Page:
The plan was to hit Hacienda de Maria for enchiladas but it was Thursday and the word was out that Maria’s is best savored on Saturday or Sunday when she’s showing off her buffet. So a change of plan.

I suggested we head a little further down the road towards Dolores Hidalgo where I’d heard there was a new barbeque joint. BBQ. I don’t know too many people in this world who would say no to those three letters especially in a town like San Miguel that’s so starved for them.

We had just spotted the Smoked ‘n’ Low sign and were almost in the parking lot when Bill Heublein asked me if Keith Thompson had anything to do with the place.

“No I don’t think so”, I said.

“Well look who that is sitting at the picnic table” replied Bill. “Sure looks like Keith Thompson.”

For a decade Keith was San Miguel’s crown prince of Q. In a shack behind La Palapa. At an Irish pub called Finnegans. In a tent at Fabrica de Aurora. At a spot across from Los Frailes. And most of all, at a restaurant called The Longhorn. I missed The Longhorn. I missed Keith Thompson. And I really missed good smoked ribs and brisket.

“I’m just a small part of Smoked ‘n’ Low”, Keith told me. “It’s Diego’s truck. It’s Diego’s business. He was struggling in Queretaro and at La Pulga and I’m helping him out here.”

The menu looks very Keith Thompson. And it tastes very Keith Thompson. Which means it tastes very good. If I’d closed my eyes, the ribs and pulled pork could be the exact same ones I feasted on three years ago at The Longhorn.

“Love the amount of meat on the ribs”, said Don Day’s Wife, “and the meat has lots of give.”

No, the pork isn’t fall off the bone because the cooking is done slow and dry in a wood-fired smoker. But what that does do is capture all of the pork taste and add the taste from the mesquite. The pork shoulder is fall apart and dressed with a homemade sauce that, again, is reminiscent of something I’ve tasted at The Longhorn.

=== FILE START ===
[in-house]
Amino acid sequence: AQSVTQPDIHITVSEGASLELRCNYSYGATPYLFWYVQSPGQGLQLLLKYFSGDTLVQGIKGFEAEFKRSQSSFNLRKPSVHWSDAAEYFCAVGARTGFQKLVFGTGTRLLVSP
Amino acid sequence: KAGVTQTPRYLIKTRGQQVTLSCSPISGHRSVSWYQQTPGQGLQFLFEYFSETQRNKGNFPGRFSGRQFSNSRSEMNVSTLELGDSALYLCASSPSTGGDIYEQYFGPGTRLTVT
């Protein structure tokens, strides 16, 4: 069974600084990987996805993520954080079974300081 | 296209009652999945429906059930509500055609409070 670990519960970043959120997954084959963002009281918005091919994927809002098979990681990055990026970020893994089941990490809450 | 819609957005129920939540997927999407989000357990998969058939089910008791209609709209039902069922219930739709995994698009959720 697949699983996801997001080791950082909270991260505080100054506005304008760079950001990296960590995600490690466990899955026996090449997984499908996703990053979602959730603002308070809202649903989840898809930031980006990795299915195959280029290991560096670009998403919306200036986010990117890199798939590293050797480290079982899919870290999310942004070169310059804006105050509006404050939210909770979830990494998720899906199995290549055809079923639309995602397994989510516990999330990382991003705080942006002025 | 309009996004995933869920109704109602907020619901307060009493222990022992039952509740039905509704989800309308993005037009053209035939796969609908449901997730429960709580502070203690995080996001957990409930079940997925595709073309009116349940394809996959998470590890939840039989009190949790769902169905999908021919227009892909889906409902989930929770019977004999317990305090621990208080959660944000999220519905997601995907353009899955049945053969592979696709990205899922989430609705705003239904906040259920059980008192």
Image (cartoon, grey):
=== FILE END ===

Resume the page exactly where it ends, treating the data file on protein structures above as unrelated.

Diego is Diego Bautista (“and no I’m not one of the carnitas Bautistas” said Diego referring to San Miguel’s famous pork producers). His kitchen is a fine looking food truck with a Cadillac Smoker from St. Louis on the back.

The sides may seem similar to Longhorn regulars with cole slaw, mashed potatoes, corn on the cob and mac ’n’ cheese. And to those of you who were favorites of The Longhorn’s beans, I did my best to talk Diego into adding them to the mix.

My only disappointment was the brisket. Why? Because I was too early and it wasn’t ready yet. I begged for a morsel but Keith and Diego said no, you can’t rush it.

The ribs and pulled pork take five or six hours. The brisket takes eight or nine.

“I’m not sure what we’re going to do”, said Keith, “maybe put the brisket on low before we leave.”

The best I could get was a look and a whiff. Next time I’ll go later just to be sure.

I was sat in front of the TV that night ODing on a few episodes of Fargo. As I lifted the tuna melt to my mouth I could still smell the homemade barbeque sauce from under my nails. It smelled so good. I have to taste it on Smoked ’n’ Low’s brisket soon.

Smoked ’n’ Low is located at Km 7.4 on the road from San Miguel de Allende to Dolores Hidalgo, on the left side just before you get to La Burger. They are open from 11:00 am to 6:00 pm, Wednesday through Sunday.

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